Like Sloan’s Patrick Pentland, I used to be a fan of donairs, kebabs and street meat. Or late-night chinese food. Anything heavy and greasy tastes good after a few beers, but the places serving them have to know the risks associated with what they are serving, and where things might go wrong.

About a decade ago donairs or kebabs were linked to three outbreaks of E.coli O157 in Alberta, and I stopped eating them.mega-donair

Outbreak investigators found that traditional cooking practices including a rotating a cone of meat next to a heat source, were problematic.

Often, especially in the post-bar-closing rush, the heat sources are turned up so the outside of the cone gets scorched, but meat just below the surface doesn’t reach safe temperatures (because it’s being cut off quickly to meet demand). The cooking practice, along with the tendency for the meat cones to be made with ground meat and stored frozen can cause a perfect outbreak scenario.

A national committee was created to look at donair risks associated and the group recommended grilling post cone cut-off to ensure pathogen-killing temps. Good call.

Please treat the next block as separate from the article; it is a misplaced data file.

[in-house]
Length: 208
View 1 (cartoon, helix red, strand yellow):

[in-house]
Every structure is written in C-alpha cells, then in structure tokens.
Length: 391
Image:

And for those in Australia looking to learn more about kebab culture, according to, there’s a reality show for you.

No matter your choice of filling, it’s almost a rite of passage to end up at a kebab shop after a big night out.

A kebab shop worker witnesses everything you would rather forget in the morning.
He sees when you spill the sweet chilli sauce down your white shirt or shamefully profess your love to a stranger.

Mustafa Mohammed has owned Smith Kebabs in Collingwood for more than four years. He has seen it all and has never had a dull moment.

“We get a lot of drunk people in our area, there are a lot of clubs and we have to be patient every day,” he said.

“The challenges are people drink too much and they can’t stand and sometimes can’t even talk.